King Of The Hills Mountain Biking Prodigy Has Exploded Onto National Scene In Highly Competitive Sport
Like his dad before him, Brad Bonnett could have gotten into auto racing and accelerated his mode of transportation with the aid of an internal combustion engine.
Instead, he prefers his power to be self-generated on a hillside over a grueling stretch of terrain.
“He got out of it a while ago,” Brad Bonnett said of his father, Cam Bonnett, who made a name for himself a few years back as an auto racer.
Brad Bonnett gets his thrills racing a mountain bike. “I started biking, got pretty good at it and never really looked at racing a car.”
Good is something of an understatement. Bonnett, although just 18, is nationally ranked in the expert senior (age 19-24) category of National Off-Road Biking Association (NORBA) cross country racing. It is the highest classification for non-professional performers.
He is a prodigy in a sport he took up just four years ago when a friend, John Mersgut, introduced him to it.
Following a year of training, Bonnett’s first race was in the Washington-Idaho-Montana (WIM) Series circuit at Silver Mountain. Bypassing the novice category because he didn’t want to appear to be a beginner, Bonnett entered junior sport and won. He’s been winning ever since.
“That first race was a big surprise,” he said. “I was a no-namer who showed up and beat everybody.”
During the Jeep/NORBA nationals on Mount Spokane in May, Bonnett finished fourth for his national ranking.
“I started riding and couldn’t believe how fast I got pretty good at it,” said Bonnett of his rapid ascent.
Mountain Biking is divided into two categories. Downhill racing is for those who want to experience the thrill of descent at speeds of 50 to 60 miles per hour dressed, “in full body armor, pretty much,” Bonnett said.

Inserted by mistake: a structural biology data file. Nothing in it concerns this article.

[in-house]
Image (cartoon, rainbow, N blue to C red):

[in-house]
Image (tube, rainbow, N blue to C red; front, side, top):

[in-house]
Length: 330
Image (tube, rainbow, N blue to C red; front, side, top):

During a race, cross country riders cover up to 33 miles over all kinds of terrain - up, down or flat.
“It’s kind of a strength and endurance thing, I guess,” Bonnett said. “It’s how much suffering you can take.”
Because of the narrow trails, racers will run into each other and often crash, which Bonnett said is part of the sport.
Until the two disciplines split and went their own way Bonnett did both before realizing his talent lay in cross country racing. He has no idea where it came from.
“I just had an aptitude. I love to race, the competitiveness,” he said. “It’s fun to see how far you can push yourself before you die.”
Beacon Hill is his backyard training territory and Bonnett also has mapped a 110-mile loop on the Palouse Highway that he rides once a week. He works out four hours per day and says that there is plenty of hill work, even on local roads.
Because of his success he has secured local sponsors and an 18-inch Gary Fischer 24-speed bike that retails for $3,800.
Besides competing in the nine-race WIM series, he hopes to take in three more NORBA events, including the finals in Vermont.
The recent Rogers High School graduate also said he hopes to eventually move to Colorado and turn professional.
“Vail (Colo.) climbs 3,800 vertical feet per lap,” Bonnett said. “My favorite course is a climbing course. I really excel at climbing. That’s my strong point.”
Colorado is right in the middle of the bike racing circuit and it is there that competitors attract national attention.
Depending upon where he finishes this year, Bonnett will apply to NORBA and see if he is good enough to make it on the professional circuit.
“Most people have said they can’t believe how fast I came into it,” he said. “I’d need to train a lot harder to turn pro, that’s a given, but I think I could make myself competitive.”
Without worrying about engine failure.
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